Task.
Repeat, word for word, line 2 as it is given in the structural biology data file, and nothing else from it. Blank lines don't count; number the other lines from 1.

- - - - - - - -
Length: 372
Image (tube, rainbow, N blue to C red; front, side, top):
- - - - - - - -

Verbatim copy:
Image (tube, rainbow, N blue to C red; front, side, top):